Home Assistance Modification Program: Make Your Home Affordable

The government offers a home assistance modification program called HAMP. The purpose of this program is to help struggling homeowners stay in their homes by changing, or modifying, the terms of their original mortgages to make them easier to handle. The FHA (Federal Housing Administration) has similar offerings that provide down payment assistance for homebuyers. The following will delve into each of these services so both homeowners and prospective buyers will know how they both work.


Pittsfield, MA -- (SBWIRE) -- 12/14/2012 -- In the past, when the nation’s finances weren’t looking very healthy, many property owners fell on hard times and were facing foreclosure. When the Obama Administration came in, it developed a plan to help these people avoid foreclosure and stay in their homes. This plan is called the home affordable modification program (HAMP), also referred to as the home assistance modification program.

The qualifications for the program were not terribly stringent. A homeowner’s debt-to-income ratio had to be greater than 31%, he had to have obtained the mortgage on or before Jan. 1, 2009, he had to be able to provide proof of financial hardship, and he had to be employed. In January of this year, the eligibility requirements were expanded to include those whose D-t-I ratio was less than 31%, people who owned rental properties, people who needed help with a second mortgage, and folks who were temporarily out of work. There are strategies in place for all of these scenarios, so apply through one’s current lender for this assistance.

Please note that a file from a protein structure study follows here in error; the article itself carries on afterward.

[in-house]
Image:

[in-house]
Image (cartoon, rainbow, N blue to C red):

The FHA also offers a home loan assistance program. They have two plans in place to help first-time homebuyers with down payments and/or closing costs. The first, the 501(c)(3) is offered by non-profit charitable foundations. The Nehemiah program gives up to 3% of a down payment; HART allows up to $15,000 for closing or down payment purposes, and Neighborhood Gold grants as much as 20% of the selling price for a down payment and this 20% includes mortgage payment protection. These programs don’t have repayment schedules and a second mortgage is not required. The second plan available through the FHA is the State, County, and City-backed Down Payment Assistance program. This plan typically requires a second mortgage as security. However, these “junior” mortgages may be “silent,” meaning that there are no payments necessary at first, and the loan is sometimes forgiven after a family lives in the home for 10-20 years. All of these loan assistance programs require an FHA loan, so be sure to apply for and receive that prior to requesting down payment help. Home Loan Modification Assistance Program for Borrowers Request For More Information with .

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